• /* Starred Review */ Man Booker Prize finalist for Eileen (2015), Moshfegh now presents a collection of short stories exploring aspects of the human experience from which we usually avert our eyes, lives which we would rather not acknowledge. A barely functioning alcoholic teacher at an NYC Catholic school, a pimple-pinching violinist in a locked room, an old man trying to manipulate his young female neighbor, and a girl convinced that killing another person will take her to the better world she came from—these are among the evocatively drawn characters Moshfegh animates to provide glimpses of our collective human psyche. Success, failure, belonging, isolation, connections, and nostalgia all are recalibrated in the ways these individuals live and think and feel. Plot twists are almost irrelevant in Moshfegh’s unhesitating illumination of dark places. She is fearless in her probing of her characters’ emotional wounds, proceeding with such a sure touch that readers are compelled, not repelled. The directness of her style demands that we register the life “stuffed between the mattress and the wall.” While it is not always an easy read, this collection will leave readers with a sharper, more compassionate sense of the human condition. -- Viswanathan, Shoba (Reviewed 10/15/2016) (Booklist, vol 113, number 4, p16)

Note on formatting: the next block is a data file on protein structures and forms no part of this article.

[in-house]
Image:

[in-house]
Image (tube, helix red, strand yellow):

• /* Starred Review */ In 14 expertly crafted stories, Moshfegh (Eileen) examines characters and situations too weird to be real and too real to be fiction, with themes of alienation, ennui, displacement, sexual neuroses, and addiction. A voyeuristic old man steels his courage to approach the beautiful, aloof woman working at the counter of the local arcade (“Mr. Wu”); an aspiring actor hooked on motivational clichés spins out of control in a breakup saga (“The Weirdos”); a high school English teacher has an on-again/off-again relationship with the drug-dealing “zombies at the bus depot” (“Slumming”); a grieving husband uncovers evidence of his dead wife’s infidelity and explores his own sexuality (“The Beach Boy”); an underachieving suitor embarks on a desperate quest for a cheap ottoman that holds the key to his quixotic romantic endeavors (“Dancing in the Moonlight”). There’s not a throw-away story in the collection. Each resonates with seemingly effortless, ineffable prose, rarely striking an inauthentic note—particularly memorable are the endings, which often land to devastating effect. The author’s acute insight focuses obsessively, uncomfortably, humorously on excreta, effluvia, and human foible, drilling to the core of her characters’ existential dilemmas. Moshfegh is a force. (Jan.) --Staff (Reviewed 09/05/2016) (Publishers Weekly, vol 263, issue 36, p)